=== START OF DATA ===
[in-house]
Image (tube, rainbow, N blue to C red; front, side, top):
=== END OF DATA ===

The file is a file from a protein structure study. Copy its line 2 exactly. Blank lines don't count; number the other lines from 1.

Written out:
Image (tube, rainbow, N blue to C red; front, side, top):